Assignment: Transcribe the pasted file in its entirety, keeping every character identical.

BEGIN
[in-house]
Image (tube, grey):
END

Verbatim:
[in-house]
Image (tube, grey):